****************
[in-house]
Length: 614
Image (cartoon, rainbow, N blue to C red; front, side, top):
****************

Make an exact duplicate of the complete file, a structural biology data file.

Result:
[in-house]
Length: 614
Image (cartoon, rainbow, N blue to C red; front, side, top):